Henderson, J.

10. I agree. In my opinion the only point of any substance urged in support of this appeal is the alleged failure of the Collector to comply with the provisions of Section 13, Bengal Land Revenue Sales Act. It seems plain that the intention of the Legislature in providing for the opening of separate accounts was to afford some measure of protection to the proprietors paying their share of the revenue against defaulters. At any rate, such protection is provided by Section 13 of the Act which requires that the shares in default are to be put up for sale first. In the present case two shares were in default : separate account No. 1088/1 and separate account No. 1088/5. The Collector put up separate account No. 1088/1 for sale, 'failed to obtain any bid and then proceeded to sell the entire estate under Section 14 of the Act. Mr. Bose's contention is that before proceeding under Section 14, the Collector ought also to have put up the separate account No. 1088/5 for sale. It was argued that if this had been done, a bid sufficient to cover the entire arrears might have been obtained and the sale of the entire estate thereby rendered unnecessary. I may add that if I thought that this contention was sound, I should have no difficulty in reaching the further conclusion that the irregularity caused substantial injury to the plaintiffs.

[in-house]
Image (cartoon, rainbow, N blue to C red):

11. The question really depends upon the interpretation of Section 31. Unless it was open to the Collector to apply any surplus sale proceeds of the sale of separate account No. 1088/5 to discharge the arrears of separate account No. 1088/1, Mr. Bose's argument must fail. In my opinion, the terms of the Section are entirely opposed to any such interpretation. After the arrears due upon the separate account are discharged, any surplus money may be applied to the liquidation of any outstanding liability on that share. But apart from that, it must be kept in deposit on account of the proprietors of that share. If Mr. Bose's contention were correct, I cannot see any necessity for referring specially to the share of the estate. On what I conceive to be the correct interpretation, whatever price separate account No. 1088/5 might have fetched, the arrears of separate account No. 1088/1 would still remain unsatisfied. The result of this is that as soon as any particular separate account fails to realise a sum sufficient to discharge the arrears due upon it, then Section 14 automatically comes into play. No doubt, if in the present case, there had been a sufficient bid for separate account No. 1088/1, the Collector then would have been bound to put up separate account No. 1088/5 for sale before proceeding to sell the entire estate, but the converse proposition does not hold good. As there was no irregularity in connexion with the sale, the plaintiffs' suit must fail.